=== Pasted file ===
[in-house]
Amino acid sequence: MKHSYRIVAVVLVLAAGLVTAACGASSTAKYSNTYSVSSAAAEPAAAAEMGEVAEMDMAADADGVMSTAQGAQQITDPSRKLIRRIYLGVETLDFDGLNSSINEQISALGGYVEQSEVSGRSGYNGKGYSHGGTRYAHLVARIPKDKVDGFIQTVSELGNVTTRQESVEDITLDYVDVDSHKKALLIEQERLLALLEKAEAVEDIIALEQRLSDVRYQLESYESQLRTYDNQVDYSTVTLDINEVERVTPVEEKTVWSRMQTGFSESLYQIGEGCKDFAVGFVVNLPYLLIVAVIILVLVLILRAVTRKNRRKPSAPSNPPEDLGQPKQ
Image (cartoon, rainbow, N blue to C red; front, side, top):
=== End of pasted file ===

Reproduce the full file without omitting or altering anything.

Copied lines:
[in-house]
Amino acid sequence: MKHSYRIVAVVLVLAAGLVTAACGASSTAKYSNTYSVSSAAAEPAAAAEMGEVAEMDMAADADGVMSTAQGAQQITDPSRKLIRRIYLGVETLDFDGLNSSINEQISALGGYVEQSEVSGRSGYNGKGYSHGGTRYAHLVARIPKDKVDGFIQTVSELGNVTTRQESVEDITLDYVDVDSHKKALLIEQERLLALLEKAEAVEDIIALEQRLSDVRYQLESYESQLRTYDNQVDYSTVTLDINEVERVTPVEEKTVWSRMQTGFSESLYQIGEGCKDFAVGFVVNLPYLLIVAVIILVLVLILRAVTRKNRRKPSAPSNPPEDLGQPKQ
Image (cartoon, rainbow, N blue to C red; front, side, top):